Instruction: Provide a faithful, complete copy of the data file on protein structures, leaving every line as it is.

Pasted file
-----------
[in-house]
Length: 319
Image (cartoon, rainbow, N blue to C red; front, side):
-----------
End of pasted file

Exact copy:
[in-house]
Length: 319
Image (cartoon, rainbow, N blue to C red; front, side):